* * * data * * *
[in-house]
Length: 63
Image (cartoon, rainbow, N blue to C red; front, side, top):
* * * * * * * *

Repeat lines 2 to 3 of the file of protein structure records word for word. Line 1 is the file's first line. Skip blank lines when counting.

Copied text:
Length: 63
Image (cartoon, rainbow, N blue to C red; front, side, top):